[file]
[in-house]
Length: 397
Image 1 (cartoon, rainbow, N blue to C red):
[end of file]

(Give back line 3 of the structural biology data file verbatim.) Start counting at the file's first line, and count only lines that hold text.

Image 1 (cartoon, rainbow, N blue to C red):